Salon quality nails without the salon quality small talk!
Last week, my friend casually mentioned this weird vinegar trick that makes her manicures last longer. I usually roll my eyes at this kind of thing; it sounded like an urban legend on par with toilet alligators. But I felt, as a beauty writer, that it was my responsibility to try it out.
Basically you take white vinegar, swab it on your naked nails, let air dry, and then apply polish.
I did this on Saturday, and with the exception of a freak accident with my left middle finger involving a laundry machine, my manicure lasted way longer than normal. This morning, five full days later, my solid red (Essie's "First Dance") nails could totally pass as belonging to a chick that has her life together and not one that uses her nails as a screwdriver trying to replace a lightbulb in her vanity mirror.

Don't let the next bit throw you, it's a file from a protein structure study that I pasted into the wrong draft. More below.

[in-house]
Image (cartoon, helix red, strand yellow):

Despite using professional-manicurist-recommended base and top coats, my nails had never made it that long. Remember my Beverly Hills Hotel wallpaper swag nails? I had about half the banana leaves still clinging for dear life on my fingers by day three.
The theory is that the vinegar dries out the nail surface, removing any moisture or residue that could come between the nail and the base coat, making the first coat adhere better and thus extending the life of your manicure.
Today, after using the vinegar and the Rejuvacote, I'm going with FACE Stockholm's holographic polish in Leto. (I could definitely tell a difference in my nail strength after using the Rejuvacote for the past few weeks. They were still in the final recovery stages after the fiberglass extensions, and they're finally back to being super tough and long.)
You can definitely get away with one coat of this, but I like the more opaque look of two.
I'll update you in a week, assuming I don't get bored with the polish or experience some other freak accident. If you try this, let me know and we'll compare results. It worked the first time around, but I'm determined to find out if it was by some weird coincidence and if the trick is too good to be true.